In "The Magician's Nephew," C.S. Lewis describes a scene in the last chapter where Aslan sends the children, Digory and Polly, back to their own world:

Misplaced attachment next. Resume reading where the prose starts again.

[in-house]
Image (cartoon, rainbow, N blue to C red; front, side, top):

Both the children were looking up into the Lion's face as he spoke these words. And all at once (they never knew exactly how it happened) the face seemed to be a sea of tossing gold in which they were floating, and such a sweetness and power rolled about them and over them and entered into them that they felt they had never really been happy or wise or good, or even alive and awake, before. And the memory of that moment stayed with them always, so that as long as they both lived, if ever they were sad or afraid or angry, the thought of all that golden goodness, and the feeling that it was still there, quite close, just round some corner or behind some door, would come back and make them sure, deep down inside, that all was well.